In “fair interest rate financing”, people are often asked whether to conduct a credit check on the financing process. The answer to this question is "no". However, litigation loan companies often use other "checks" to help them underwrite. This article will discuss this topic in more detail.
The lender uses a credit check to assess the likelihood of repayment of the loan and the compliance of the loan terms. Legally, litigation capital transactions are not loans, because in the event of a failed lawsuit, there is no need to repay the advance cash. Instead, the funder purchases a portion of the proceeds of the case, if any. Therefore, the applicant's credibility is not a problem, and the credit score is usually not a factor in the underwriting process. However, the applicant's background may be a problem that must be considered in determining the factors that fund a particular case.
When a case is filed for a cash claim, the underwriter must evaluate all relevant facts. Because litigation loans are not repaid unless the case is ultimately successful, litigation fund underwriters face daunting challenges because they must make decisions based on a limited amount of information. In fact, thousands of cases per week are based on a few pieces of paper [for example, police reports, insurance information and medical records] and calls to the lawyer's office.
Very little information owned by underwriters must be used to the fullest extent possible. One of the information is the background of the applicant.
Before the settlement, the loan company usually uses the background check only after the case has been approved for funding. Often, litigation funding agencies want to see if there are other potential lien holders that are prioritized in the case. For example, a federal tax lien or child support obligation.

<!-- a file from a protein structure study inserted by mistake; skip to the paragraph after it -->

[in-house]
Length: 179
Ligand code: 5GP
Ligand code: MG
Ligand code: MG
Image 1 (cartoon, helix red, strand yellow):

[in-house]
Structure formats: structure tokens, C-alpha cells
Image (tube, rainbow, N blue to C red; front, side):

However, in some cases, background checks can be used as part of the approval process. For example, if the case is approved, but the applicant's background check reveals a history of fraud, the underwriter will seriously consider this fact when deciding to provide cash advances. In the worst case, the applicant may commit fraud. At best, his past sins became the credibility of his true witness as a case.
In most cases, background checks only show minor criminal offences and/or civil judgments. In the vast majority of cases, background checks will not qualify the case for funding. However, as noted above, the existence of federal tax liens or child support obligations may have an impact in the financing of litigation.
When these conditions arise, all hopes are not lost, as there may be steps to correct the situation. For example, a tax lien or other priority judgment listed only in the background report does not necessarily mean that there is still a valid lien. Typically, such obligations are current or otherwise satisfied, but are not updated in the background check. In other cases, generic names may generate many liens in a background search, but only after more investigation can you verify the lien or treat it as an error.
As mentioned earlier, litigation financing companies use many tools to more accurately assess the risk of prepaid cash compared to the future earnings of pending litigation. Although the applicant's credit score is usually not important, the background check does play a role in the underwriting process.
Thank you for your interest in the pre-settlement loan business.